The Forts and Tunnels of Old San Juan, Puerto Rico

The UNESCO World Heritage Site comprising Old San Juan in Puerto Rico includes several forts. The two most massive are the fortresses of El Morro and San Cristóbal, built by the Spanish during Colonial times. The immense ramparts of these colossal structures are pierced by a labyrinth of tunnels and passageways.

El Morro across the entrance to San Juan Bay

El Morro across the entrance to San Juan Bay

The most prominent of the two fortresses is El Morro, more fully called the Castillo de San Felipe del Morro. It stands at the end of the headland on which Old San Juan is situated, guarding the entrance to San Juan Bay. The original small fort on the site was built in 1539-40, but in the 18th Century it was expanded beyond all recognition. It now covers an area of more than five acres, with six levels that climb 145 feet up the cliff.

The road up to El Morro

The road up to El Morro

The entrance to El Morro

The entrance to El Morro

El Morro's main courtyard

El Morro’s main courtyard

The upper level of El Morro

The upper level of El Morro

Making friends on the upper level of El Morro, with the lighthouse in the background

Making friends on the upper level of El Morro, with the lighthouse in the background

Looking down on the Santa Barbara Battery, which encloses the original 1539-40 fort

Looking down on the Santa Barbara Battery, which encloses the original 1539-40 fort

Cannon tracks on the Santa Barbara Battery

Cannon tracks on the Santa Barbara Battery

Heading down to the Santa Barbara Battery

Heading down to the Santa Barbara Battery

El Morro's upper ramparts, with tunnels going in all directions

El Morro’s upper ramparts, with tunnels going in all directions

Down into the original fort

Down into the original fort

a local cat has found a tunnel of their own!

A local cat has found a tunnel of their own!

Room to room

Room to room

Surf spyhole

Surf spyhole

One of the garitas, protected stone sentry boxes

One of the garitas, protected stone sentry boxes

If you thought El Morro was big, the Castillo de San Cristóbal is a monster. Its defences extend over an area of roughly 27 acres! It protects the landward side of the Old San Juan peninsula, and was once connected to El Morro, half a mile away, by a network of sturdy walls that surrounded the city at that time.

Looking from El Morro towards San Cristóbal

Looking from El Morro towards San Cristóbal

The seaward defences of San Cristóbal

The seaward defences of San Cristóbal

San Cristóbal's main gate

San Cristóbal’s main gate

San Cristóbal's main courtyard, awash with ramps, doors and tunnel entrances

San Cristóbal’s main courtyard, awash with ramps, doors and tunnel entrances

Entering the lower tunnels

Entering the lower tunnels

Deeper into the San Cristóbal tunnels

Deeper into the San Cristóbal tunnels

Dead end?!

Dead end?!

Escaped from the lower tunnels

Escaped from the lower tunnels

San Cristóbal upper tunnel

San Cristóbal upper tunnel

Another local with their own tunnel, this time at San Cristóbal

Another local with their own tunnel, this time at San Cristóbal

Looking back towards El Morro from the World War II battlement on San Cristóbal

Looking back towards El Morro from the World War II battlement on San Cristóbal

This post was inspired by Cee’s Which Way Challenge and Jo’s Monday Walk.

El Morro from the sea at night, with San Cristóbal in the background (the dark shape on the left)

El Morro from the sea at night, with San Cristóbal in the background (the dark shape on the left)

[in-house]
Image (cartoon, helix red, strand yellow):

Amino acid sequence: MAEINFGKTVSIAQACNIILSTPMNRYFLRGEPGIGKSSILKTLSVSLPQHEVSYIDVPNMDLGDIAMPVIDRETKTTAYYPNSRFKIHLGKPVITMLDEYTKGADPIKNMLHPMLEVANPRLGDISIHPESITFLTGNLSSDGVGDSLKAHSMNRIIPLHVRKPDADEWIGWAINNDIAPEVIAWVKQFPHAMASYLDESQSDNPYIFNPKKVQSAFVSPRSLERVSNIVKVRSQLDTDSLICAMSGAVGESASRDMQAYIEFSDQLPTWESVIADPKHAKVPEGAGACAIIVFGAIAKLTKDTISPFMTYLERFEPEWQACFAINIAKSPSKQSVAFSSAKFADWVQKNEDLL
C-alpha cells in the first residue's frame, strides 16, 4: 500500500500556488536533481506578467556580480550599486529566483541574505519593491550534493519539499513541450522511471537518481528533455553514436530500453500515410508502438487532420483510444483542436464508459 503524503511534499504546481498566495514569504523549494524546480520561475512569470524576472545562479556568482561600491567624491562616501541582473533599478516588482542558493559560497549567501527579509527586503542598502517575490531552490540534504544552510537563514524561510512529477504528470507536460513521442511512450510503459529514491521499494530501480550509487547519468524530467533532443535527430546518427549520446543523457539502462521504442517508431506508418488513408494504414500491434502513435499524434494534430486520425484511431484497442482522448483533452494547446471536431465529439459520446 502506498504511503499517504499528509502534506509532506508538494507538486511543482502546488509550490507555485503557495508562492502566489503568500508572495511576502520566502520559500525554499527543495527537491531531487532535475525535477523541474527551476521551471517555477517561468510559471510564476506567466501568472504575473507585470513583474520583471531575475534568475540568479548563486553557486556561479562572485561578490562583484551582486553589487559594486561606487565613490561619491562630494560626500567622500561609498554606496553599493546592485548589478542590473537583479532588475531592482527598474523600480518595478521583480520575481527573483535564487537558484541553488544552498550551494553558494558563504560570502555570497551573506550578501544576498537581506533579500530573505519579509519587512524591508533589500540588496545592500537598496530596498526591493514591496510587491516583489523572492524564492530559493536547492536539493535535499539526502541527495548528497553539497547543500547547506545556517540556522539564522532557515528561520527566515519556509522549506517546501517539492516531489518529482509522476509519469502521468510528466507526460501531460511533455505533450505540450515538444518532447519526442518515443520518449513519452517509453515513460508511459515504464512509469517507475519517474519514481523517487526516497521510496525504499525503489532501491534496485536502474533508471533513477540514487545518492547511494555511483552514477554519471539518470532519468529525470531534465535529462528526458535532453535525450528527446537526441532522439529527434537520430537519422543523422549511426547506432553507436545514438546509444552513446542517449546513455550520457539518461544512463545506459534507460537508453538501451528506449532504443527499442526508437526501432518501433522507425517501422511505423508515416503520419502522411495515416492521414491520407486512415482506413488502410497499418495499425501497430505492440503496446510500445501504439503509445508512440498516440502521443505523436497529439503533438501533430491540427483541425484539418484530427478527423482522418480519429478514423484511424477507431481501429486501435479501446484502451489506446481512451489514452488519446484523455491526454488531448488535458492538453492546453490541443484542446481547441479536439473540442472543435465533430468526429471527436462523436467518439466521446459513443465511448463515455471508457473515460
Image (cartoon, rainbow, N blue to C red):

the-great-migration-coverthe-pride-of-london-coverThe first two Jaspa’s Journey adventures, The Great Migration and The Pride of London, are now available in both paperback and ebook formats from all good booksellers! Click here for more information. The third instalment, Jaspa’s Waterloo, is scheduled to be released by Speaking Volumes early next year.

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If you’re the sort of person that loves experiencing history and culture on your travels, why not sign up and follow my continuing Journeys here at Jaspa’s Journal (on WordPress or Bloglovin’), or through my website, Facebook, Twitter, Instagram and Tumblr?

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About Jaspa

Star of my own award-winning adventure novels, Jaspa's Journey. Geocaching addict & F1 fan. Adventure Journeyer & blogger extraordinaire. Check out my website: www.jaspasjourney.com And don’t forget to download the books and see what the buzz is all about!
This entry was posted in Adventure, Caribbean, History, Travel, UNESCO World Heritage Site, USA and tagged , , , , , . Bookmark the permalink.

21 Responses to The Forts and Tunnels of Old San Juan, Puerto Rico

  1. Cee Neuner says:

    This is such a great entry for Jo’s and my challenges. Wonderful. 😀

  2. ventisqueras says:

    spendidi contrasti di colori e bellissime inquadrature

  3. Rupali says:

    Wonderful gallery.

  4. Fabulous photo series, such a wonderful bit of history.

  5. mukhamani says:

    Amazing, thank you for sharing 🙂

  6. Pingback: Cee’s Which Way Photo Challenge – October 5, 2016 – Cee's Photography

  7. Cee Neuner says:

    Congratulations! I have selected your post to be featured on Cee’s Which Way Photo Challenge.
    https://ceenphotography.com/2016/10/05/cees-which-way-photo-challenge-october-5-2016/
    I sure hope you have ha a great week so far.

  8. Pingback: Cee’s Weekly Wrap October 8, 2016 and WPC-H2O – Cee's Photography

  9. restlessjo says:

    Many thanks Jaspa. Apologies for late reply but Dad died last week.

  10. Pingback: Jo’s Monday walk : Saying goodbye | restlessjo

  11. BeckyB says:

    What an amazing pair of forts . . great post. Thanks for sharing 🙂

  12. Pingback: Sam’s Ses Challenge #11: Uphill | Jaspa's Journal

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